In December, following an international search, the museum announced the appointment of Seth D. Pevnick as curator of Greek and Roman art. He will oversee the care and development of the collection of art of the ancient Mediterranean, including the art of Egypt and the Ancient Near East. Working closely with the director and chief curator, Pevnick will identify and recommend works of art to augment the collection. He will also oversee special exhibitions exploring all aspects of art from classical antiquity.
The collections of ancient art at the CMA, spanning nearly 4,000 years of human history (from c. 3200 bc to c. ad 500), are held in high esteem internationally. Many works are of unparalleled quality and importance. Together, the collections comprise more than 1,100 works, encompassing the arts of pre-Christian Europe, the Mediterranean basin, Egypt, and the empires of the Near East and the Levant. A wide range of types of works and media are represented, from small objects of personal adornment to monumental sculpture, with fine examples from many different cultures.
“I look forward to getting to know both the collection and the cultural community of northeast Ohio,” Pevnick says, “and to drawing exciting new connections between antiquity and the present day. I’m inspired by the high quality of the museum’s exhibitions, collections, and publications, and am eager to share in this overall commitment to excellence.”
Pevnick joined the Tampa Museum of Art in 2009 and was the chief curator and Richard E. Perry Curator of Greek and Roman Art; from July 2014 to April 2015, he served as acting director. He curated numerous exhibitions, including Tampa’s major traveling exhibition Poseidon and the Sea: Myth, Cult, and Daily Life (2014–15); Echoes of Antiquity: Revisiting and Reimagining the Ancient World (2015); Animals in Ancient Art (2016); and Patricia Cronin, Aphrodite, and the Lure of Antiquity: Conversations with the Collection (2018).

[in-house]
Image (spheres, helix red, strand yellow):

An active scholar and prolific writer, Pevnick has published widely. Several recent publications include “The Tampa Poseidon = The Shugborough Neptune,” in Collecting and Collectors: From Antiquity to Modernity (2018); “Riders and Victors: Competing on Horseback in Archaic and Classical Greek Art,” in The Horse in Ancient Greek Art (2017); “Red-figure Neck-amphorae with Twisted Handles,” in The Berlin Painter and His World: Athenian Vase-Painting in the Early Fifth Century B.C. (2017); and “Good Dog, Bad Dog: A Cup by the Triptolemos Painter and Aspects of Canine Behavior on Athenian Vases,” in volume 3 of Athenian Potters and Painters (2014).
Pevnick has extensive archaeological fieldwork experience, having served as a consultant on digs in Pieria and Boeotia, Greece; as a trench supervisor and ceramic specialist for four summers at Lofkënd Tumulus, Albania; and as a fieldworker for three summers for the Agora Excavations in Athens.
Prior to Tampa, Pevnick was a curatorial assistant in the Department of Antiquities at the J. Paul Getty Museum, Getty Villa, where he co-curated The Chimaera of Arezzo, a collaborative exhibition with the Republic of Italy. He holds a PhD in archaeology from the University of California, Los Angeles, and a BA in classical archaeology from Dartmouth College. The recipient of numerous academic honors, including the John Williams White Fellowship at the American School of Classical Studies at Athens (2006–7) and the Graduate Student Poster Award from the Archaeological Institute of America (2009), he most recently was awarded a fellowship at the American Academy in Rome for 2019.
Cleveland Art, March/April 2019